THAT'S LIFE: Light & shades

When you lose contact with your ‘‘people’’ at a the end of a long day of music festival revelry,  is it better to stand still in the crowd and let your people come to you?

Or should you strike out boldly into the night and hope by some miracle you find them because they’re your ride home?

It’s an age-old conundrum, made all the more poignant if you’re wearing prescription sunnies.

That was the scenario at Dungog recently  after attending the Mumford & Sons-inspired Gentlemen of the Road concert.

I’d been wearing hat and sunnies  all day. 

They’d been appropriate that morning sampling Dungog’s delights in 35-degree heat.

  And they’d seemed pretty cool  that afternoon  lounging around  like kangaroos waiting for the sting to go out of the day.

But they proved a real tactical error when the sun went down and you couldn’t see anything below head height. Ten thousand heads worth of height.

 When we’d pushed into the ground mid-afternoon I’d opted not to grab my normal glasses from the car because ... I don’t know ... a lack of foresight about short sight in hindsight.

The upshot was that at dusk  I morphed into Ray Charles. Not a problem,  given it was all about the music at that stage, and I could still see what was going on on stage.

 I quickly got separated from my group, which was not a problem either because I knew they were out there somewhere amongst all the other groovers.

I was content to bop away in the throng going spazzo every time someone played a banjo.

The problem started when it came time to go home.

That meant I had to move. And  that’s not as straightforward as it sounds in a  smudgy scuba mask with bodies and bags and water bottles everywhere.

Not only did I struggle  to make out the pre-arranged  rendezvous point,  I struggled to make out anything at all  unless it grunted when I stood on it.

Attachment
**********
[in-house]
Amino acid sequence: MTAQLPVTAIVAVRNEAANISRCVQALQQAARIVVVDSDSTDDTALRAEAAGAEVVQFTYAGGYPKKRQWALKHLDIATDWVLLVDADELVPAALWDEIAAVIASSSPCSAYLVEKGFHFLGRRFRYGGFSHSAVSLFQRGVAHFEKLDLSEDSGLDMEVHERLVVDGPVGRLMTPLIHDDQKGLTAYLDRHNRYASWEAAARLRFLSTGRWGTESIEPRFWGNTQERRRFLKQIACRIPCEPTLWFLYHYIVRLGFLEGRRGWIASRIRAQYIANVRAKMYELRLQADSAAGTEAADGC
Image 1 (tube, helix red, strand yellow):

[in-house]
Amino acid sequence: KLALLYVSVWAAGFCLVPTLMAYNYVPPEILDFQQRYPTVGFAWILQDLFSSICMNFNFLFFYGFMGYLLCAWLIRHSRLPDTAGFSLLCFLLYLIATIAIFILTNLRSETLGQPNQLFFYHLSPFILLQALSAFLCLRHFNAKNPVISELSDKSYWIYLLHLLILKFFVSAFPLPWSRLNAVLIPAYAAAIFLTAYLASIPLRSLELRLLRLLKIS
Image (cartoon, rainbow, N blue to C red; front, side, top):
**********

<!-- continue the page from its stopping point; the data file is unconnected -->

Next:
So for a good while, I didn’t move at all.

Which didn’t get me any closer to my ride home, but it did get me  closer to feeling like I would be stuck in Dungog overnight.

Not that I doubted my mates. Like Jesus and George Michael, you gotta have faith they wouldn’t bail.

But sensory deprivation plays havoc with the mind.

After about an hour of bumbling into fences and tripping over who knows what, I Neil Armstronged down to the mixing desk area. With any luck, as the crowd dispersed I could see my rescue party or more likely vice versa.

That’s when the post-gig rave disco went off like a phosphorous bomb, igniting the senses yet again and bringing in more people to step on.

There was no mobile reception so I couldn’t let my people  know  Stevie Wonder was down.

 So I tentatively made my way to nowhere in particular and pondered again what it’s like to  feel  alone in a crowd. Not unlike an abalone diver, actually.

Eventually, as is often the case in redemption stories, I headed towards the light. At least in the light I could make out shapes.

And sure enough one of those shapes  turned out to be my mate who greeted me as if nothing had happened.

And really nothing had, apart from him traipsing back to the car three or four times looking for me. No dramas, he said, cool as ever. Speak for yourself, I thought. 

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